Sullivan, please tell us your story! How did you get to where you are today?
I grew up in a fairly musically enthusiastic family, and learned and taught myself various instruments. Eventually as I grew into a young adult it began to shape my life in a more legit way. Moving to Meanjin (Brisbane) from the sleepy Sunshine Coast to study when I was 17, I became immersed in the scene of the early-to-mid 2000’s – the indie heyday! I was surrounded by great music and great people, and went out all the time. I started a few bands, one of which – I Heart Hiroshima – blew up in it’s own cute indie way. From there as a young, energetic extrovert, it kind of snowballed. Music definitely became “my life”. I played solidly in bands for a good 10 years, touring, recording, collaborating, living overseas, doing session work, and starting solo projects.

At the point, I needed a break from the relentless touring of IHH and living in Meanjin – I felt like I had been wrapped up in this world consistently for 6 years or so, and while I loved it, I needed to figure out who I was and be a stranger in a new land. After a fairly brutal 6 week European Tour, I decided to move to Berlin, via New York – where I remained for 6 years. During this time I focussed more on developing my solo work, collaborations, DJing and putting on my own events. This was pretty essential to my sense of self, my confidence as a songwriter and identity as a whole.

“About four years into my time in Berlin, I realised I was most definitely a Trans human – and thus Sullivan enters the chat!”

In retrospect, I think I subconsciously felt like I couldn’t do this at home, the weight felt too heavy. I was the The Girl Drummer from I Heart Hiroshima. Not that we were FAMOUS by any means, but there was meaning there for a certain community, and parts of me that felt like I was letting people down and that my family wouldn’t understand. Which is sad to think about now, but I understand why it felt loaded.

I eventually came back to Australia after realising I missed the ease of home, my friendships, family and German bureaucracy grew tiresome, alongside the generally grey vibe. Landing back in Meanjin, I did a bit of everything for a while – I worked as a DJ for a year or so, and threw some parties here and there and brought some international acts out to tour alongside Uda Widanapathirana at Mellum. I did freelance festival and event work, worked for a ticketing company, and as an agent and generally hustled my way around the music world for a while. I wasn’t 100% sure what I really wanted to do, but new that the ideal was the do programming and knew I wanted to be in Narrm (Melbourne). It also felt like a funny in-limbo time as I was focusing on my body and brain while transitioning – mentally, physically – so it felt hard to commit or even really have brain capacity to think about a CAREER.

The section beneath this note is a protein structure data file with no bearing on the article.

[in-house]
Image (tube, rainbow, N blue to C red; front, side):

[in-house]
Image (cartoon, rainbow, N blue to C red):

Once I landed in Narrm, I continued working at the ticketing company, then eventually took a side step working for Next Wave, the emerging arts festival, while continuing to work in some niche one-off international tours of more underground artists. Dark Mofo booked myself and some artists I worked with to play at the festival in 2017. These relationships grew over a few festivals and eventually Uda and I were asked to program Night Mass together with Gadigal Land angels Soft Centre festival in 2019. This was a pretty amazing opportunity – the first time I didn’t hustle for my own funds to put together a dream program. We had the reigns and were encouraged to present wild ideas and formulate a forward-thinking program. The 2019 Night Mass was one of my personal highlights – we were pretty sad to not be able to present our completed Night Mass program for 2020 due to our good friend Covid forcing the event to pull the pin.